Balance Billing Under the Microscope

Growing Concern

For some time now, there seems to be a swell of growing concern regarding the practice of balance billing and especially under the microscope is the ambulance industry- air- and ground-ambulance alike. In some cases, there has arisen an almost villainization of the practice that so many ambulance providers and suppliers rely on to balance already stretched budgets.

Balance Billing Under The MicroscopeRecent articles and commissioned reports across various platforms have begun to tab balance billing using the phrase “surprise billing.” Comments from patients and families of patients, paint the ambulance industry and, in many cases, the healthcare industry as a whole in an unfavorable light as the industry strives to collect reimbursement beyond what insurance companies are paying.

8 Ways…

One article published recently caught our eye. The title for this piece published online was 8 Ways the Medical Industry Is Screwing You Over (Livestrong.com 3/1/2019 by Martin Booe.)

It came as somewhat of a shock when the author led with a few paragraphs denoting “Ambulance Rides” as the very first example, in the author’s opinion, of how the healthcare industry is “ripping you off”. The author called the practice “a wallet-ectomy.”

The article pines away by stating; “Back in the old days – 30 years ago – ambulance rides were usually free. Not anymore! Ambulance transports are billed to the patient, whether patients asked for them or not.”

After creating the aspersion that the ambulance industry is fleecing Americans, Booe attempts to balance the discussion by stating that there is a problem citing that Ambulance companies have difficulty collecting for services from both insurers and patients, but then goes on to say that this causes them to “spread the costs” on to others.

Certainly, the article creates a sort of soft indictment of certain segments of the healthcare industry as a whole.

Other “rip-offs” noted in this piece to include what Booe labels; “Crazy Hospital Markups, Physician Burnout, Antibiotics, Faulty Medical Devices, Unnecessary Prostate Procedures, Stents and CPAP Machines.”

GAO Report

Last week the Government Accounting Office (GAO) published report GAO-19-292 in a release of the contents to congressional committees. The report cited that 69 percent of the 20,700 air-ambulance transports they pulled in a representative 2017 sample were found to be out-of-network, compared to 51 percent of ground ambulance transports from a 2014 study of that segment.

In this latest report, the GAO studied over 60 consumer complaints in two of the selected states that were part of the sampling and recorded that all but one of the complaints filed was for a balance bill totaling in excess of $10,000. However, they added that in many cases patients were able to reach agreements with air ambulance provider, insurers or both which resulted in the patient’s paying a lesser amount than represented by the initial bill received.

Additionally, the report mentioned a positive change as figures cited have improved since analyzing the 2017 sample. The GAO found that air ambulance providers are now entering into new network contracts given the recent spotlight on balance billing practices. The report also encourages patients to appeal their bills to insurance companies, citing that ambulance providers and suppliers are more apt to give patients a break on bills when an insurance appeal is unsuccessful.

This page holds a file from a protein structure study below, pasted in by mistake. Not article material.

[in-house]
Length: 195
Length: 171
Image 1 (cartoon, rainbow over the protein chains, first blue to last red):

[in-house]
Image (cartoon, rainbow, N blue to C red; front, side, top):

The GAO noted that recent federal law is requiring the Secretary of Transportation to form an advisory committee to recommend options to prevent instances of balance billing, nationwide.

Brookings Study and counter-argument…

In a February 2019 Center for Health Policy at Brookings report deduced that ambulance services show such a higher incident rate of balance billing over other healthcare disciplines given that those services are “…centrally dispatched and patients almost never have a choice of which ambulance company transports them in an emergency.” Unlike in an emergency situation, a patient can plan on using services which are covered as part of the patient’s in-network insurance plan in a non-emergent treatment or diagnostic scenario.

Certainly, we agree with this analysis. However, we see this as much a problem for the ambulance industry as we do for the patient population. Our duty is to react and respond to the emergency. We do not have the luxury of choosing to practice in populated areas that wholly include patients we can be assured have adequate insurance coverage to balance our budgets.

Additionally, given the aging of America in many parts of the United States coupled with the fact that the entitlement programs (Medicare and Medicaid) admittedly underfund us; it only stands to reason that somehow the shortfalls in EMS agency budgets across the country must be offset in other ways. Costs for providers and suppliers of service must be offset in large by various revenue streams for ambulance agencies to maintain financial solvency.

One thought on “Balance Billing Under the Microscope

  1. In the BLS non city world of EMS ambulances cost up to $300,000 fully equipped. This is not including requirements to carry costly Epi auto injectors that have been ridiculously marked up by the pharmaceutical companies. It is my opinion that the blame should be place on the insurance companies and the laws in each state. In Ct policies can not be purchased across state lines. This allows a few insurance companies to only offer what they offer. There is no competition at all. Out of network is a common occurrence.

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